Sunday, April 15, 2012

The Ultimate Burger

Well, okay, it's probably not the 'ultimate' burger, but it was certainly the acme of evolution in my recipe testing experience. Truth be told, I have had a lot of trouble getting the hamburger right...or perhaps to be more precise, I've had trouble getting the burger up to my exacting standards. Last night's burger was the fourth or fifth iteration of experiments that finally lead to something I was relatively happy with. Does it still need tinkering? Yes. However, the hard, foundational work is complete. Here's what I did:

First, what cut of meat to use? I have tried chuck, I've tried blade roast and I've tried combinations of both. In all cases, the grind I got had a texture I wasn't happy with. This time I used a steak. Yes, it's a bit decadent, but I used the cheapish end of a sirloin, so we're looking at six largish burgers for 11 bucks. Almost two bucks a burger, but then again, how much would you pay for a burger in a pub? Most definitely more than two dollars. Next I cut the steak up into grinder-friendly strips, tossed in a generous amount of salt and allowed to chill a bit in the fridge. Once chilled, I ran through the grinder using the same technique as my Turkey burger grind (see here).

Then I got the mince into a bowl and into the fridge to rest and chill a bit more, say about 20 minutes. Then I got it out and formed into patties very loosely. The meat is already salted which acts as both a binder and a flavour enhancer. I did not have to add anything beyond that. The patties were about quarter-pound sized and just barely held together. Then back into the fridge to firm up and bind. In the past, I wrapped my beef mince up in plastic wrap in a sausage shape, twisting the ends tightly so that meat was compressed, after which, I could slice off disk-shaped patties from the log. I felt this would help bind the meat without requiring a lot of handling. I've also seen others do this to pretty good effect. For whatever reason however, whenever I've done this I find the burger is tough. This time, I left the grind as loose as possible and very gently formed the patties. The salt and the cold were the only tools I used to create structural integrity. On this account I was successful. Next, it was time to cook. I oiled up my grill and got it really hot, then I very gently placed the chilled patties on to the hot, oiled grills and then left them alone. Also I did not close the lid. I want a crusty caramelized outside to my burger with a medium-well interior. If I close the BBQ lid, then they will just bake and steam and not actually char. Leave the patties until a slight nudge is all it takes to release from the grill (they will be stuck to the grill for the first two to three minutes or so - this is normal). Then rotate them by 90 degrees to get the cross-hash marks. Another two minutes or so then a flip. Carefully. these are delicate Faberge eggs.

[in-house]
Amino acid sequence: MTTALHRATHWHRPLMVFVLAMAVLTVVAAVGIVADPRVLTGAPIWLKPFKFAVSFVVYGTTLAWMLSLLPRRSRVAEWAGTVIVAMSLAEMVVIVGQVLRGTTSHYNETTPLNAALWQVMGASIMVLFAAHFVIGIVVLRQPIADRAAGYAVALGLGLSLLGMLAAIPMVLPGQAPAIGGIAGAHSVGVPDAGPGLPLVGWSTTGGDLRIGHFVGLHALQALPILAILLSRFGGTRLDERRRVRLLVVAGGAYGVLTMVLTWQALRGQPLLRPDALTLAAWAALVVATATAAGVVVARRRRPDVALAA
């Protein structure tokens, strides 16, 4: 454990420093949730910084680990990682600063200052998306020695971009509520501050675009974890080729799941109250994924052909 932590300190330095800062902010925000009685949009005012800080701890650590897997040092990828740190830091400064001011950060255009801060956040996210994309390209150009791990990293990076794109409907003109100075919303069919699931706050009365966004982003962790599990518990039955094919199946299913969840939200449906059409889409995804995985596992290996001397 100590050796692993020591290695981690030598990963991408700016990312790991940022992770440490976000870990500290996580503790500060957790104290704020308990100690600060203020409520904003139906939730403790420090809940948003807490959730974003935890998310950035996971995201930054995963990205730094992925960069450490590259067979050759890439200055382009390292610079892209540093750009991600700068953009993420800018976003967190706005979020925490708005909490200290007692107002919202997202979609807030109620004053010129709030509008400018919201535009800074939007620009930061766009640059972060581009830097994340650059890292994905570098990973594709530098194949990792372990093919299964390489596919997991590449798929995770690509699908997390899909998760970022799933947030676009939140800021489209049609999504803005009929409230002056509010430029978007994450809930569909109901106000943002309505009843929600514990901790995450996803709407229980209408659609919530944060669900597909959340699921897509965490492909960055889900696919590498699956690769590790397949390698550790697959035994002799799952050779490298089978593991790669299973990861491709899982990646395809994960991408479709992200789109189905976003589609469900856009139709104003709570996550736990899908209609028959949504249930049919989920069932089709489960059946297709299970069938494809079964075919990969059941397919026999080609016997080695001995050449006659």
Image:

Only another minute or so is required, although it really depends on your preference. My kids get their burgers cooked all the way through. Their burgers were just as juicy as mine, but I still like a good amount of blush inside my burger because that's how I roll. I got a bit of grated aged cheddar on mine just till it melted. Anyway, I served the burgers on little ciabata buns I picked up at the bakery and slathered mine in a homemade grilled scallion mayo with some homemade lightly pickled onions and chillies. Very delicious indeed.

1 comment:

  1. that looks delicious! must give this a go once summer bbq season is in full swing :)